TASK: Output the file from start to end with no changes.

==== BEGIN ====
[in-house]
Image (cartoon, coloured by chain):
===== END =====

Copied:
[in-house]
Image (cartoon, coloured by chain):